"In the course of the meeting, we explained that the talking points provided by the intelligence community, and the initial assessment upon which they were based, were incorrect in a key respect: There was no protest or demonstration in Benghazi," Rice said.

Rice said the intelligence assessment of the attack "evolved" in the following days. "We stressed that neither I nor anyone else in the administration intended to mislead the American people at any stage in this process, and the administration updated Congress and the American people as our assessments evolved" during the meeting with senators, she stated.

Critics have said the administration deliberately misled the American public prior to the U.S. elections in a bid to play down the terror connection.

Senior U.S. intelligence and law enforcement officials told Congress earlier this month that the original CIA talking points drafted for Rice’s television appearances were altered to remove references to al Qaeda affiliated organizations. The talking points instead mentioned "extremists."

One U.S. intelligence official told the Free Beacon that the omission was a deliberate attempt to obscure the al Qaeda connection. Administration officials were concerned the al Qaeda link would undermine the president’s reelection prospects. Obama said during his nomination speech at the Democratic National Convention that al Qaeda is on "the path to defeat."

Rice echoed that theme in her public comments about the Benghazi attack, telling one interviewer that al Qaeda had been nearly defeated and that its leader Osama bin Laden had been killed.

President Obama said during his first press conference after the Nov. 6 election that Rice "had nothing to do with Benghazi" yet was dispatched by the administration to talk about the incident. He said criticism of her was "outrageous."

Obama defended Rice and indicated he is considering her to replace Sec. of State Clinton but that a final decision had not been made.

The president also challenged McCain and Graham for opposing a potential Rice nomination. "If Senator McCain and Senator Graham and others want to go after somebody, they should go after me," he said Nov. 14. He also raised concerns among critics about political motives in playing down the attack in his comments at the press conference.

"[Y]ou know, we’re after an election now," he said. "I think it is important for us to find out exactly what happened in Benghazi, and I’m happy to cooperate in any ways that Congress wants."

White House press secretary Jay Carney declined to say if or when a new secretary of state will be named.

"I don't have any information for you on timelines or short lists or nominees, potential or otherwise," Carney said.

"The fact of the matter is that Ambassador Rice is enormously qualified for the position she holds and for a variety of positions in the foreign policy field if the president were to decide to nominate her for another position…."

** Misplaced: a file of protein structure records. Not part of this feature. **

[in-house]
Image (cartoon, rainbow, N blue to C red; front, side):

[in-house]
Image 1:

On the issue of Rice’s Sept. 16 comments and the CIA’s talking points on Benghazi that were changed to delete references to al Qaeda, Carney said: "I would simply say that there are no unanswered questions about Ambassador Rice's appearance on Sunday shows and the talking points that she used for those appearances that were provided by the intelligence community."

Carney said the unanswered questions about Benghazi relate to what happened, who was behind the attack, and what steps need to be taken to prevent a repeat.

"As the president made clear, Ambassador Rice has no responsibility for collecting, analyzing and providing intelligence, nor does she have responsibility as the United States ambassador to the United Nations, for diplomatic security around the globe," Carney said.  "The focus on—some might say obsession—on comments made on Sunday shows seems to me, and to many, to be misplaced."

Some supporters of Rice, who is African-American, have suggested opposition to her is based on Repubilcans’ racism.

A Senate aide dismissed the charge. "The first two African-American secretaries of state [Colin Powell and Condoleezza Rice] were Republicans. So that charge is false."

In the House, a group of 97 Republican members wrote to Obama Nov. 19 urging him not to pick Rice for secretary of state.

The lawmakers said Rice’s Sept. 16 comments "caused irreparable damage to her credibility both at home and around the world."

"Ambassador Rice is widely viewed as having either willfully or incompetently misled the American public in the Benghazi matter," the lawmakers said.

"We believe that making her the face of U.S. foreign policy in your second term would greatly undermine your desire to improve U.S. relations with the world and continue to build trust with the American people."

The House members said numerous requests to the administration to answer questions about the handling of the Benghazi affair have not been answered.